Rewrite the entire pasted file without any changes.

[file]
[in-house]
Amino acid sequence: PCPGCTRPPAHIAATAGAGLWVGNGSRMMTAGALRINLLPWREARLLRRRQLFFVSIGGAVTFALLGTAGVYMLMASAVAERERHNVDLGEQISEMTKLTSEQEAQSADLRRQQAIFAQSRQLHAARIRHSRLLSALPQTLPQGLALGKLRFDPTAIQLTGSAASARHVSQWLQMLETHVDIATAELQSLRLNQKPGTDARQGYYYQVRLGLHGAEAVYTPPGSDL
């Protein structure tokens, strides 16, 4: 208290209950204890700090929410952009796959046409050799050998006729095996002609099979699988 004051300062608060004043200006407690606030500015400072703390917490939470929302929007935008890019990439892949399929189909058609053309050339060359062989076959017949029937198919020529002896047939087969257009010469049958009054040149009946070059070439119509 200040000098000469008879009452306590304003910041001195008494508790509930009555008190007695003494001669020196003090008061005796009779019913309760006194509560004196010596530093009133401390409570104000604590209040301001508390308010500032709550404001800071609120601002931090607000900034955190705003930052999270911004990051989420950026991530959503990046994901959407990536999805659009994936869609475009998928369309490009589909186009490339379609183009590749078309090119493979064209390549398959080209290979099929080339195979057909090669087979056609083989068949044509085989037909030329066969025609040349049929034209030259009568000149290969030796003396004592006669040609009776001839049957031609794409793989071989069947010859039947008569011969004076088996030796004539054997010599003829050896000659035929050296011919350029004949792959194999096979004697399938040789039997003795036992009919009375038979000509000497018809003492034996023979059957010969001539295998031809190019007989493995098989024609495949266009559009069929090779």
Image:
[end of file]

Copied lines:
[in-house]
Amino acid sequence: PCPGCTRPPAHIAATAGAGLWVGNGSRMMTAGALRINLLPWREARLLRRRQLFFVSIGGAVTFALLGTAGVYMLMASAVAERERHNVDLGEQISEMTKLTSEQEAQSADLRRQQAIFAQSRQLHAARIRHSRLLSALPQTLPQGLALGKLRFDPTAIQLTGSAASARHVSQWLQMLETHVDIATAELQSLRLNQKPGTDARQGYYYQVRLGLHGAEAVYTPPGSDL
């Protein structure tokens, strides 16, 4: 208290209950204890700090929410952009796959046409050799050998006729095996002609099979699988 004051300062608060004043200006407690606030500015400072703390917490939470929302929007935008890019990439892949399929189909058609053309050339060359062989076959017949029937198919020529002896047939087969257009010469049958009054040149009946070059070439119509 200040000098000469008879009452306590304003910041001195008494508790509930009555008190007695003494001669020196003090008061005796009779019913309760006194509560004196010596530093009133401390409570104000604590209040301001508390308010500032709550404001800071609120601002931090607000900034955190705003930052999270911004990051989420950026991530959503990046994901959407990536999805659009994936869609475009998928369309490009589909186009490339379609183009590749078309090119493979064209390549398959080209290979099929080339195979057909090669087979056609083989068949044509085989037909030329066969025609040349049929034209030259009568000149290969030796003396004592006669040609009776001839049957031609794409793989071989069947010859039947008569011969004076088996030796004539054997010599003829050896000659035929050296011919350029004949792959194999096979004697399938040789039997003795036992009919009375038979000509000497018809003492034996023979059957010969001539295998031809190019007989493995098989024609495949266009559009069929090779």
Image: